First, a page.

Animal Rights Extremists’ Soft Targets

By Matthew Harwood

Jentsch, who experiments on vervet monkeys to understand drug addiction and schizophrenia, has long been a target of militant activists. In 2009, his car was blown up outside his home. The next year, the Animal Liberation Front mailed him razor blades they claimed were infected with AIDS, along with a note. “We follow you on campus,” it read. “One day, when you’re walking by, we’ll come up behind you, and cut your throat.”

Animal rights activists constantly picket Jentsch’s gated home, which is protected by cameras and an armed guard.

Marino does not shy away from the idea of violence as a tactic. “Aspiring scientists envision curing cancer at the Mayo Clinic,” writes Marino on her Web site. “We need to impart a new vision: car bombs, 24/7 security cameras, embarrassing home demonstrations, threats, injuries, and fear. And, of course, these students need to realize that any personal risk they are willing to assume will also be visited upon their parents, children, and nearest & dearest loved ones. The time to reconsider is now.”

Marino is quoted by blogger Rhys Southan as calling on distressed activists to essentially become suicide bombers for the cause. It’s this kind of rhetoric that could persuade a lone wolf to act.

Jacquie Calnan, president and CEO of Americans for Medical Progress, which defends the humane use of animals in research, considers Marino a new and worrisome player in the world of militant animal rights activism. “To threaten students and say we’re going to give you a taste of what scientists receive so you won’t go into this career is evil genius,” she says.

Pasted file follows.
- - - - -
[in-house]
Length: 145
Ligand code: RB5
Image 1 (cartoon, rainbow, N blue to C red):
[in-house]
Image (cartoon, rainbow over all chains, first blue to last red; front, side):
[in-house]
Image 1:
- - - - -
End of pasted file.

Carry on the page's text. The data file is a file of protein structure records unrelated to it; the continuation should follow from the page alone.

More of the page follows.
John Beckman, vice president for public affairs at New York University (NYU), calls NIO’s tactics reprehensible. “Intimidation, harassment, and fear as methods for ‘persuasion’ [are] entirely unacceptable and intolerable,” he says.
Jentsch says universities need to take immediate action against militant activists and put them on the defensive. They need to use whatever legal mechanisms—civil or criminal—the system provides, including restraining orders.

The University of Florida (UF) has already done so. Last December the university took out trespass orders against Marino and her associate, Lisa Ann Grossman, after the two disrupted an event on the campus. In July, Grossman violated that order when she walked onto the campus to distribute the NIO flyers that promise reward money. The Florida State Attorney’s Office pressed trespass charges against Grossman, which could carry up to 60 days in jail and a $500 fine.


Students against extremism

Extremist groups like NIO may want to think that students are the "soft underbelly" of animal research, they may be in for a rude shock.

Already, in response to the targeting by NIO of a cleaner (initally misrepresented by NIO as a student) at a University of Florida affiliated research institute, the UF student newspaper published a very strong editorial against intimidation od students and scientists by animal rights extremists

It is clear that any UF student who does find themselves being harassed by AR activists will find no lack of support from their fellow students, indeed the evidence so far suggests that students are unwilling to send the extremists information on other students in response to "wanted posters".

There is already a very good example of how effective students can be when they unite in the face of extremism. In 2006 students at Oxford University held a rally against animal rights extremism after threats from the Animal Liberation Front, that sent a very strong message that they would not be intimidated and would not allow the extremists to succeed

This anti-extremist - and pro-animal research - campaign, and the support it gained in the news media and from politicians,  undoubtedly contributed to the sharp decline in animal rights extremist attacks in the UK since 2005.



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